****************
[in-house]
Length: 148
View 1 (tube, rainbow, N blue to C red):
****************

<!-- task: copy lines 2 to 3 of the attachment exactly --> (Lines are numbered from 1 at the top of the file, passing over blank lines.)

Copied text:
Length: 148
View 1 (tube, rainbow, N blue to C red):